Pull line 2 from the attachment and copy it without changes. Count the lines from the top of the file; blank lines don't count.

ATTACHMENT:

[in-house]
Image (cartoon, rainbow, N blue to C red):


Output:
Image (cartoon, rainbow, N blue to C red):